The Nashville Predators traded P.K. Subban in the 2019 offseason. Immediately, the talk became about the return. How would a return of Steven Santini, Jeremy Davies, the number 34 pick in the 2019 draft, and a 2020 second-round pick be enough to compensate a team losing one of its best defenders?
Santini wasn’t given much of a shot and ultimately was bought out by the team. Davies looks like a strong prospect, and he even got some NHL action due to a multitude of injuries to the defense core. He’s a primarily offensive defender that uses his skating effectively to open up lanes. I’d like to see more from him to take control of the play, but that comes along with experience. He has the talent to be a solid addition to the blue line.
The most intriguing parts about the entire trade are the draft picks. The 2020 second-round pick was 37th overall, which was traded to the Minnesota Wild with Nick Bonino for Luke Kunin and a pick that turned into Adam Wilsby. The 2019 draft pick was 34th overall, and David Poile eventually traded it to the Philadelphia Flyers for the 45th and 65th picks.
The Flyers chose Bobby Brink with their selection. With their newest picks, the Predators selected Alexander Campbell at 65th, but the most intriguing choice was Egor Afanasyev at 45th overall. From the moment he was drafted, the fanbase and management regarded him as one of the best prospects in the system. After an event-filled two seasons—one in the OHL where he scored 30 goals and over 60 points, and one in the KHL on loan that was not good enough—he came into training camp and made an immediate impression.
Prospect Tournament, Future Stars Game, and Training Camp
It all started with the prospect camp and tournament. Everyone knows how much of a bull Afanasyev is, but his determination seemed extra. In the drills during camp, he won battles and beat everyone to those 50/50 pucks. During drills that focused on the rush and particularly odd-man rushes, he was either crashing the net hard or putting himself in an excellent position to rip a shot from the top of the circles.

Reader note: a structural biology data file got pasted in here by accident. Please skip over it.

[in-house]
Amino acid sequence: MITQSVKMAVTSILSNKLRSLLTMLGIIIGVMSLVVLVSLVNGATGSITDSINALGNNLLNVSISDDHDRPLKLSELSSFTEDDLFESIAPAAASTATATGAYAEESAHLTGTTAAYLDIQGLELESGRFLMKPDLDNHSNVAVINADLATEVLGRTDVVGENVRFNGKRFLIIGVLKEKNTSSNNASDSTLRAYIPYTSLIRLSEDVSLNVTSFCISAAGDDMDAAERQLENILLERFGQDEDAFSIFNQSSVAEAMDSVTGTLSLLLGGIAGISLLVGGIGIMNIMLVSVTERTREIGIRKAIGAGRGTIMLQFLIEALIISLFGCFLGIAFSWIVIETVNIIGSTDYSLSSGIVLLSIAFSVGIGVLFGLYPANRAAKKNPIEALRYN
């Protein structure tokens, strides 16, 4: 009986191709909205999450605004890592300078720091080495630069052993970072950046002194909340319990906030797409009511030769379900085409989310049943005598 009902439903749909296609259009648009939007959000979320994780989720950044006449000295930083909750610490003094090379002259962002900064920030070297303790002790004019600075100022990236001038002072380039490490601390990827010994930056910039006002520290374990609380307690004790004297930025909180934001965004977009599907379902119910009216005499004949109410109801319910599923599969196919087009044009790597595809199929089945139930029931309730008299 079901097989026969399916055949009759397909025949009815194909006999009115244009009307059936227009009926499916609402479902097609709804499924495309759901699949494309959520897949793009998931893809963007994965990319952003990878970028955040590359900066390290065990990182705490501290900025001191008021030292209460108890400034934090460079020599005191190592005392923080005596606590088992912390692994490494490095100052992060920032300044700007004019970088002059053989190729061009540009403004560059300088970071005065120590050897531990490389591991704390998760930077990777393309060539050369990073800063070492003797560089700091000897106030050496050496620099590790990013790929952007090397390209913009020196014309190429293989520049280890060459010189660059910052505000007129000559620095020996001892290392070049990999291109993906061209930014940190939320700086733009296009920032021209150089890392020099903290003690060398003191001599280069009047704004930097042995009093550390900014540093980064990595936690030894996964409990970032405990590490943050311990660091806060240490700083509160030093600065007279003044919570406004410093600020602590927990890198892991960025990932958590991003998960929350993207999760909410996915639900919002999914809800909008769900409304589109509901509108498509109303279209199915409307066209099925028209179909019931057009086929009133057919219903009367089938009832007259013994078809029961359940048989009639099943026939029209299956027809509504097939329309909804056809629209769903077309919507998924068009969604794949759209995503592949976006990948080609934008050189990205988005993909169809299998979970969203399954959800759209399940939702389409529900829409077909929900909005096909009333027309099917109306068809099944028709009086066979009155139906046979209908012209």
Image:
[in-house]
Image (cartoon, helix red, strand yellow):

It was the same way in the prospect scrimmages and the Future Stars Game. He made sure that Poile and the scouting staff knew what he was about. He hit people relentlessly, but he also used his strong playmaking skills to move the puck around the offensive zone and through breakouts. He played his game, and the other prospects felt his presence, especially against bigger guys that may be more challenging to knock off the puck. He even scored a pretty sweet shootout goal to put the icing on the cake.
He continued his rampage into the prospects showcase in Tampa. He fed Philip Tomasino for the first goal in the first game against the Tampa Bay Lightning and ended with two points in three games, including a goal against the Florida Panthers in the second game of the doubleheader. He played well in all three games, and the sample size was small, but he got off on the right foot.
The Preseason Is a Continuation
He carried all the good vibes into the preseason and has scored three points in four games with two goals. He almost had a hat trick in the team’s 6-2 victory over the Lightning, but instead, he got the primary assist on one of the goals. It’s the only game he scored points in, which may be concerning for some people, but he hasn’t looked out of place in the games he hasn’t scored. The very least he has provided is a relentless need for the puck and very strong forechecking. He made plays every time he hit the ice, even if they were minor.